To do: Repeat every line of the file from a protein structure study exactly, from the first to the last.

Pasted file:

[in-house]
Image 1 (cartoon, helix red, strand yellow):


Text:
[in-house]
Image 1 (cartoon, helix red, strand yellow):